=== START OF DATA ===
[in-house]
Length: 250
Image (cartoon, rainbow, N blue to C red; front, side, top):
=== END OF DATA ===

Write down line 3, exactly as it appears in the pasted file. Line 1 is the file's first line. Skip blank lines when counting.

Image (cartoon, rainbow, N blue to C red; front, side, top):